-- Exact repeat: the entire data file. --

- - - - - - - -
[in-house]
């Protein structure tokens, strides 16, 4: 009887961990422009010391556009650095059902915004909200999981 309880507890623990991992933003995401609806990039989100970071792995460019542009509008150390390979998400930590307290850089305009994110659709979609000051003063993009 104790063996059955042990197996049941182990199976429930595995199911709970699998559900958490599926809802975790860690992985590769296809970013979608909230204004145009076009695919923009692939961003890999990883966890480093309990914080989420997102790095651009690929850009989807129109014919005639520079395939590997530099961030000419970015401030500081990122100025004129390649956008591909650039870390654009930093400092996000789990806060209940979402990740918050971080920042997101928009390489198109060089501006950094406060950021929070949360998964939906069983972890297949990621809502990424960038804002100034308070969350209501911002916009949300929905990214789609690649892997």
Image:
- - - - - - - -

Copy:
[in-house]
């Protein structure tokens, strides 16, 4: 009887961990422009010391556009650095059902915004909200999981 309880507890623990991992933003995401609806990039989100970071792995460019542009509008150390390979998400930590307290850089305009994110659709979609000051003063993009 104790063996059955042990197996049941182990199976429930595995199911709970699998559900958490599926809802975790860690992985590769296809970013979608909230204004145009076009695919923009692939961003890999990883966890480093309990914080989420997102790095651009690929850009989807129109014919005639520079395939590997530099961030000419970015401030500081990122100025004129390649956008591909650039870390654009930093400092996000789990806060209940979402990740918050971080920042997101928009390489198109060089501006950094406060950021929070949360998964939906069983972890297949990621809502990424960038804002100034308070969350209501911002916009949300929905990214789609690649892997």
Image: